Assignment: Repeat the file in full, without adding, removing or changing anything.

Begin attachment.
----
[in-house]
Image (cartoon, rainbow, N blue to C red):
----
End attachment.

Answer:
[in-house]
Image (cartoon, rainbow, N blue to C red):